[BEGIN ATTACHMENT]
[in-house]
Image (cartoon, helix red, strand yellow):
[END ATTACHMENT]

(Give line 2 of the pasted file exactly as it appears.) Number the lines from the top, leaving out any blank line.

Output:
Image (cartoon, helix red, strand yellow):